Tuesday, January 10, 2012

Whittling away the GOP field. It is now a 2 man race.

The New Hampshire primary results are in. Mitt Romney, as predicted, took first far and away (38%) over surprising second place finisher Ron Paul (24%).

In third place was Jon Huntsman with 17%, followed by Santorum and Gingrich who each had 10%.

Effectively, this primary vote has separated the men from the boys. Rick Perry, Jon Huntsman, Rick Santorum, and Newt Gingrich are all finished. The only two candidates with enough support, money, and ability to run a national campaign against Barack Obama are Mitt Romney and Ron Paul.

As we look ahead to South Carolina, a win there by Romney would seal the deal. However, if Ron Paul could garner enough support there to upset Romney this might change things. Already, the Paul campaign is calling for all others but Romney to drop out of the race and unite behind him. Unlikely, but if it were to happen the race could change entirely.

The latest poll, released Saturday has Romney in a commanding lead there, followed by Gingrich, Santorum and Ron Paul in 4th.

In light of this thinning of the herd, it is time for conservatives to start looking ahead down the road. No matter who gets the nomination, whether it be Romney or Paul, needs votes from everyone on the center-right in order to beat Obama. There is nothing Obama and the Democrats want more than a divided, splintered GOP, as is the case now.

Potentially, who would be the best ticket to defeat Obama?

Romney/Paul?
Paul/Romney? (haha)
Romney/Ryan?
Paul/Ryan? (no pun intended)

How about Marco Rubio or Rand Paul as a potential VP pick?

Feel free to comment below.





2 comments:

Allen said...

Hack, I've only read your past couple posts, and you seem like a very fair and thoughtful person, I wish there were more forums for intelligent debate. I believe Ron Paul as the presidential candidate will defeat Obama regardless of his running mate. You would have all of his supporters plus the mainstay republican base. The only way this would fail is if the mainstay base retraced and voted for Obama because they felt like he was more in line with their beliefs. At that point I'd rest my case that the Obama and Romney aren't that different. The logic of the pairing doesn't add up, but a combination of Paul and Romney would defeat Obama. As a Ron Paul supporter, I view he and Romney as water and oil, so I don't know how that would work, but politically speaking, Romney would appeal to the die hard republican mainstream, while Paul would appeal to the more independent thinkers, in general (forgive me, I'm not trying to be insulting, I just can't think of another way to honestly put it). I asked this question on a previous post, but never saw a response. I don't understand why beating Obama is so important for any republican who supports a candidate other than Ron Paul? How does Obama's foreign, monetary, and economic policies differ so much from Romney such that your day to day life will be improved? My follow on question is how has your day to day life changed through the presidency's of Clinton, Bush, and Obama? Has there been a difference? If so, can it be pinpointed to policy that isn't shared by the three?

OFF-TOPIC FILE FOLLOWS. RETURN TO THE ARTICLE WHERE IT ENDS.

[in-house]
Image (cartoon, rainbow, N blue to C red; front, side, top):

Proof said...

I hate to contradict you, but I don't think Paul is number two here, except maybe in a scatological sense.

The New Hampshire primary is an open one, meaning that Democrats and "Independents" can vote in the Republican primary. The figure I heard was that 44% of the votes in the Republican primary were not cast by Republicans.

Now, if this meant a candidate who could reach across party lines and broaden the base, this might be a good thing.

However, I suspect that many of those "Independents" will not be voting for either Romney nor Paul in the fall. This happened in '08, where Republicans had "help" in choosing their nominee.

I suspect that when Paul faces his first "Republican only" primary, he will not fare nearly so well.